The year 2000 was also the peak of the dot-com boom, during which time, myriads of business transactions were conducted online. This frenzy of activity reflected the fact that businesses began to ignore the basic principles of business and built their companies on shaky principles. It didn’t take long for the dot-com boom to bust as strong business principles came back into play.
Despite the dot-com bust, website development continued to grow. For example, Drupal 1.0 was introduced in 2001 in order to allow web developers to set up certain types of websites, such as a portal site or a new-driven community site. Drupal would go on to release many updated versions of the software in order to better facilitate website creation.
In 2002, Wi-Fi began to grow more popular and became pervasive. Wi-Fi seems entirely normal to us today, but the concept of a simple wireless connection was completely groundbreaking at the time. It was seen as somewhat of a threat to phone companies, but the increasing importance of Wi-Fi only underscored the fact that websites were now an integral part of everyday life for many people.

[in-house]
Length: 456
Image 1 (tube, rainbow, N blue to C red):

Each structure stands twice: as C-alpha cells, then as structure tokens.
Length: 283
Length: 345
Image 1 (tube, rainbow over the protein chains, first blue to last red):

The Web 2.0 Revolution
Website development experienced a radical shift in 2004 when the concept of Web 2.0 became a mainstream idea. The term “Web 2.0” refers to sites that began shifting away from the static website technology of early sites. With “Web 2.0” sites, users are able to interact with each other through the virtual community that is created by sites like social networks.
Along with this new concept came a drive to acquire tools that allowed companies to manage their own sites. For website development, this trend was crucial, as it marked a movement towards greater development freedom. By 2007, local development tools such as MAMP began to appear, which meant that developers no longer had to rely on managing servers.
The Genesis of Cloud Computing
In 2009, cloud computing began to change the face of the internet. Building on the concepts introduced by Web 2.0, cloud computing allowed website developers to enjoy greater flexibility. Essentially, cloud computing is all about improving user experience and making websites easier to consume, so website developers are able to use cloud computing to enhance the effectiveness of their sites.
Pantheon’s release in 2012 ushered a huge change for cloud computing. With almost limitless access to cloud computing at incredibly low costs, Pantheon allowed web developers to take advantage of different types of clouds that were highly scalable. In addition, Pantheon introduced an improved approach to security in relation to cloud computing.